Watership Down 2018: The Complete Series – The DVDfever Review – James McAvoy

Watership Down 2018 is a new four-part adaptation of the classic novel with a stellar cast, starting with “The Journey”. Is that – The Unexpected Journey?

But how can it be four episodes when only two are seemingly scheduled? The original film is only 91 minutes long, and also a U-certificate despite its gore, while this new version is technically four parts, of around 50 minutes each, but this BBC/Netflix co-production is broadcast with the episodes doubled up and shown over two nights, so you have two 100-minute films on consecutive evenings.

The rabbits fear mankind coming to ruin their grounds, with them referring to cars as hur-dur-durs, along with other made-up words to get them through their days and, hopefully, staying alive, whilst man builds a new housing estate… and probably a bypass, since bypasses have got to be built!

Watership Down is notorious for one of their number getting caught in a snare trap, along with the other horrors that await them.

I can understand them wanting to remake this, since it’s 40 years since the 1978 original, but that looks amazing with its animation and, here, they use CGI which looks like it’s a cut-scene from a dodgy late ’90s / early ’00s videogame like Thief II: The Metal Age and Kingpin: Life Of Crime.

Watership Down 2018 – Series Trailer – BBC One

As a story, it’s fine, but Watership Down 2018 just looks rather odd and I can’t quite get a handle on it, and given how dark and wordy it is, I think it’s going to put a lot of people off from watching the entire thing. Plus, John Boyega (Star Wars Episode VII: The Force Awakens) can’t act to save his life. As for the rest, yes, there are many big names here and it’s a great coup to get them all in one production, but… since there are so many of them, mostly talking in quick succession, I can pick out a handful of recognisable voices, but the rest all blend in to one another.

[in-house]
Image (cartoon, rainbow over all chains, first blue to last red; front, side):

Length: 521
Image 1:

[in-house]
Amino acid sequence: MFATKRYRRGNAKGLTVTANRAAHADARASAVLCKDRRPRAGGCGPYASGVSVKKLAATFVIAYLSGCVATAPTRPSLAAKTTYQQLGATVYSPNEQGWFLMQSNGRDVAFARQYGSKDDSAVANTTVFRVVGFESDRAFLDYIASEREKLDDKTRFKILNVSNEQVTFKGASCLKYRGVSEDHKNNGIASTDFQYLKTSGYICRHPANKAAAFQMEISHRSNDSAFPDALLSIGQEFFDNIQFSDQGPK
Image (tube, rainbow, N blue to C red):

All that said, if you thought a 200-minute version was long, that’s nothing compared to the animated series which ran from 1999 to 2001 and lasted 39 episodes over the three series, and with each episode running for 23 minutes, that’s a total of 897 minutes!

On the plus side, if you know the 1978 film inside out, then this will have more to add (but of course, it was originally a book by Richard Adams), but on the downside… ooh, nooooo… that CGI…

In fact, I’m not the only one who thinks that, as you can see from a selection of tweets shown during the first broadcast. Only one of the top tweets DOESN’T mention it!

Watership Down 2018 concludes tomorrow on BBC1 at 7.20pm. The series is not yet available to pre-order on Blu-ray or DVD, but you can buy the 1978 original on Blu-ray and DVD, as well as the aforementioned 39-episode series on DVD.

Catch-up on the BBC iPlayer for 30 days after transmission.

Episodes 1 (The Journey) and 2 (The Raid): 5/10
Episodes 3 (The Escape) and 4 (The Siege): 4/10

Director: Noam Murro
Executive Producers: Rory Aitken, Eleanor Moran, Ben Pugh, Josh Varney
Producers: Georgia Dussaud, Cecil Kramer
Novel: Richard Adams
Writer: Tom Bidwell
Music: Federico Jusid

Hazel: James McAvoy
Fiver: Nicholas Hoult
Bigwig: John Boyega
General Woundwort: Ben Kingsley
The Threarah: Tom Wilkinson
Clover: Gemma Arterton
Kehaar: Peter Capaldi
Strawberry: Olivia Coleman
Hawkbit: Mackenzie Crook
Hyzenthlay: Anne-Marie Duff
El-Ahrairah: Taron Egerton
Captain Holly: Freddie Fox
Faulkner: James Faulkner
Captain Campion: Lee Ingleby
Blackberry: Miles Jupp
Bluebell: Daniel Kaluuya
Cowslip: Rory Kinnear
Sergeant Sainfoin: Craig Parkinson
Black Rabbit: Rosamund Pike
Dandelion: Daniel Rigby
Captain Orchis: Jason Watkins
Captain Vervain: Adewale Akinnuoye-Agbaje
Farmer’s Wife: Lorraine Bruce
Dewdrop: Gemma Chan
Haystack: Lizzie Clarke
Thethuthinang: Rosie Day
Blackavar: Henry Goodman
Silverweed: Peter Guinness
Farmer: Murray McArthur
Nettle: Charlotte Spencer